I have the soul of a stamp collector. Some might object that it’s an unusually loud and psychedelic stamp collector, but I think it’s so. It shows in my research (data-heavy, fussing over terminological definitions, with a lot of statistics), in my attacks on nebulous jargon and muddled thinking in archaeology, in my affiliation with the skeptic movement, in the way I sort things into neat piles and papers into binders after throwing away as much as possible, in the way I do whatever my calendar tells me to do on a certain day, in the way I dislike sudden schedule changes and appointments with a “maybe”. There’s a strong systematising streak in the way my head works.

Reading this piece on the heritability of autism in Seed, I realised that with a different taste in women, I might now have been the father of an autistic child or two. Explains autism researcher Simon Baron-Cohen (Borat’s uncle? cousin!): heredity studies suggest that autism-spectrum disorders may largely be due to an accumulating genetic predisposition to systematise. Have a little of this genetic factor, and you become a stamp collector or kick-ass programmer or me. Double that amount and you get Asperger’s syndrome. Double it again and you become an autist. The fact that autism has become so common in recent decades may not be due simply to better diagnostics: it may have to do with the radical post-war increase in female students at engineering schools. Nerd-on-nerd marriages were rare before.

Looking at the complete data set of women I have lived and procreated with (n=2), a 100% non-systematising tendency reveals itself. Both are smart ladies with strong artistic talents and a rich and complicated emotional makeup. Neither is capable of placing her clothes in a single neat pile or her paperwork in a binder with any degree of consistency. I’ve formed good partnerships with them: I’m good at everyday repetitive life, they’re good at taking a break from the daily grind and doing something fun.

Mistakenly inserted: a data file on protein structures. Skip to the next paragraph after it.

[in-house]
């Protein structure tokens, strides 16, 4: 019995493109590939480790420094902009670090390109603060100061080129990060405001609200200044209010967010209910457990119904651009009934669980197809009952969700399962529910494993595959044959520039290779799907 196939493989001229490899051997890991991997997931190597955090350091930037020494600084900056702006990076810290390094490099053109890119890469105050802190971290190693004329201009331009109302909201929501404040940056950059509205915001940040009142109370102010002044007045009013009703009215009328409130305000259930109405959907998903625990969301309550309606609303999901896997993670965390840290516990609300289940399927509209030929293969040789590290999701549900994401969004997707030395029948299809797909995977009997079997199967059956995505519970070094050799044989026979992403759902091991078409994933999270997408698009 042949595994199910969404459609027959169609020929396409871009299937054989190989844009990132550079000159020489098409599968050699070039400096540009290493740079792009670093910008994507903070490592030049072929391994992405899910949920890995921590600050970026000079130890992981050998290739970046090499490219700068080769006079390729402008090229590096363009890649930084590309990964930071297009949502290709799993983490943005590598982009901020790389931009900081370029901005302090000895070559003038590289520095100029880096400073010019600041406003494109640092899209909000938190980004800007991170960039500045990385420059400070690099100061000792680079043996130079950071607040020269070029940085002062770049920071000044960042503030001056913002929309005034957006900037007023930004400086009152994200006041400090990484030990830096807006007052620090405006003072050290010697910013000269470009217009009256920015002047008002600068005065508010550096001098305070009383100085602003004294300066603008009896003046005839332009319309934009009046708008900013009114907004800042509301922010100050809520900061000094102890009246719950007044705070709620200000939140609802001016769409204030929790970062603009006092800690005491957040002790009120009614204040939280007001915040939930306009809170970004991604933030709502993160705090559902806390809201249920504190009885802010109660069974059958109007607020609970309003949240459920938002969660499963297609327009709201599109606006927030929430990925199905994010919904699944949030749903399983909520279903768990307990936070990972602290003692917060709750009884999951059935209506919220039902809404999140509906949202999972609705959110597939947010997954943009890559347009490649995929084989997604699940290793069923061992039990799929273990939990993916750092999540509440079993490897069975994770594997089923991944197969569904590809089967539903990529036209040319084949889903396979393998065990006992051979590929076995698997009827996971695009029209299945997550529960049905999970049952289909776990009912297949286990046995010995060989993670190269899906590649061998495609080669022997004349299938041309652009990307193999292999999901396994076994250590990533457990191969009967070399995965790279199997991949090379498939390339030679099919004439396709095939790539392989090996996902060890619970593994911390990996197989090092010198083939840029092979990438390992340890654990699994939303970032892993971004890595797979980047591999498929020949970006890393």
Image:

And if Baron-Cohen’s idea holds, then my nerd-on-art-chick marriages have been beneficial in yet another way. I seem unwittingly to have been running a little eugenics project. Because my kids are very far from autistic. They have their mothers’ intelligence and artistic flair, they’re outgoing and empathic, and whatever they’ve gotten from me doesn’t seem to have harmed them. Maybe I can take credit for their social fearlessness. A tiny bit of Asperger factor isn’t so bad if it makes you unwilling to seriously consider that other people might not think you’re the best thing since sliced bread.

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An Evening in Suitland

Saturday I slipped on a tux for about the fourth time in my life and went to my little cousin’s wedding. It turned out a visit to another world, or at least an alien subculture: corporate suit land. Everybody was a lawyer or a businessperson with a lot more money than I’ll ever have, and I found it really hard to connect to people. Their holiday pastimes, the inflection of their speech, even the hairstyles were unfamiliar. It suddenly became clear to me how tightly defined my own social circle actually is in terms of interests and occupations.

So I decided to take a look at who my people are. They’ve all finished their studies and started careers years ago. How do my closest friends make their bread?